The future of payments
Tim Muzio, Consultant in our Financial Services and Payments Practice, discusses what the future of payments will be.
The payments area is a hive of activity as technology is expanding the potential of the industry. Over the next decade, we will see fundamental change in how payments are carried out. In this article I will be discussing the possible changes from the consumer and corporate sides as well as the future of digital currencies.
Here are my thoughts on how the payments space could develop and expand over the coming years:
The consumer payments space has blown up over the past 4-5 years facilitated by the greatly improved online and mobile digital experience. We have seen an extensive move from the physical transfer of cash to using an intangible digital transfer of virtual currency; our piggy banks have become digital wallets. Although cash will continue to be used by pockets of society for the foreseeable future, the mainstream banked customer is moving away from carrying notes and coins to using their digital wallet and making wearable devices their primary payments tool. According to Mastercard, 18% of all wearable transactions in 2019 came from the UK, making the British population the second largest wearable payments customer group.
With such a great uptake of the new technology so quickly, we should expect to see the payments ecosystem rapidly progress further. As the market increasingly becomes competitive, loyalty programmes will start to be rolled-out by payments companies with the aim of greater customer retention. Payments will also soon bleed into the world of voice recognition technology. Voice payments will become the norm; like we’re currently telling Alexa, Siri, Bixby or Google to set a 5-minute timer, we’ll be telling our bank account to pay one of our friends or look for better financial products.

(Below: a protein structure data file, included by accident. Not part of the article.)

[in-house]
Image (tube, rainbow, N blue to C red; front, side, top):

In the longer-term, we will see widespread use of facial recognition technology that automatically identifies a shopper and processes their payment on leaving a shop. There is evidence of this in the US as retail and tech giant Amazon rolls-out their new supermarkets after years of developing technology to make purchasing from a retail outlet a seamless experience. This may sound like a futuristic proposal but in reality, we may not be far from such a vision coming into fruition. The quickening pace of the payments evolution is being driven by fast developing technology.
The adoption of these new technologies is dependent on two key factors; we have seen convenience become the value proposition at the heart of fintech, but rapidly customers are prioritising digital security. Not only are customers asking for the simplification of traditionally burdensome processes when it comes to payments, but they are demanding providers are able to demonstrate high levels of fraud detection and protection from cyber-attacks, and critically, are transparent in their customer data use and storage.
In this increasingly digitised world of finance, it is important to not get carried away with the science-fiction dream of full automation in the coming years. New technologies are creating a polarisation of consumer payments. When we look over the water to the US, several states have banned cashless stores as they are thought to discriminate against the unbanked. The UK could follow suit and see an outlaw of this practice as the country still has a large segment of society that doesn’t rely on technology and chooses to continue using cash. As an example, we currently have 1.5 million people in the UK who are unbanked. Without access to a bank account, the fundamental component of payment tools, there is no use for the technology for this category of the population. Incumbent banks and governments, and even a few newer financial players, are starting to recognise this and are focusing on helping those in society that are less digitally savvy by providing them with payments methods that they can easily use.